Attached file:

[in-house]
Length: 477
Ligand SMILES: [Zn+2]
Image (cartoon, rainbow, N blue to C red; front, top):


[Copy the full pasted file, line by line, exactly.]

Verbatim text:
[in-house]
Length: 477
Ligand SMILES: [Zn+2]
Image (cartoon, rainbow, N blue to C red; front, top):